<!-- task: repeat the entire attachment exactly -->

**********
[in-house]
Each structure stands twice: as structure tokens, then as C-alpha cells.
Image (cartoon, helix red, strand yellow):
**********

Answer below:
[in-house]
Each structure stands twice: as structure tokens, then as C-alpha cells.
Image (cartoon, helix red, strand yellow):